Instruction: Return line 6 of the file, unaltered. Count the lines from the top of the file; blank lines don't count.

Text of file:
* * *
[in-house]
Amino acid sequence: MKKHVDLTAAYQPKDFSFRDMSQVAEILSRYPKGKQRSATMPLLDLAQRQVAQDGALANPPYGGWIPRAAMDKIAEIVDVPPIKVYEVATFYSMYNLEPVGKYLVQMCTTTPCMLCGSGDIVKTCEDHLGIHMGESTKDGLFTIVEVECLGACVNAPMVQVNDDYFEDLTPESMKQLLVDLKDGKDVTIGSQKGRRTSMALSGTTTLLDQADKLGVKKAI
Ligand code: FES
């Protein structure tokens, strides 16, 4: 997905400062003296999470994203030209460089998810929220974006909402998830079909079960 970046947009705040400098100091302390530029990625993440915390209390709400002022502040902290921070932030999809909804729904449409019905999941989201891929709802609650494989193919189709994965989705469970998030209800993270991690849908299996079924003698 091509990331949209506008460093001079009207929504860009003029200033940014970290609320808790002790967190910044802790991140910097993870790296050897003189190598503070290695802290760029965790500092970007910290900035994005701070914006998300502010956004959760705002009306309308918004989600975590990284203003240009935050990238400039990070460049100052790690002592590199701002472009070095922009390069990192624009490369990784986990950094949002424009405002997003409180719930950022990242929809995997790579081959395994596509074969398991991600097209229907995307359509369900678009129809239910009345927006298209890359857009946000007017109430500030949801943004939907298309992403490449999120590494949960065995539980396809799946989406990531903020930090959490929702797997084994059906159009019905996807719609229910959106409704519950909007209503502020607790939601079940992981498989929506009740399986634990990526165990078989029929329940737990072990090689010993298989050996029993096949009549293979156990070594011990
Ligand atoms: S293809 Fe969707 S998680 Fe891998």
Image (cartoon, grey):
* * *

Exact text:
Image (cartoon, grey):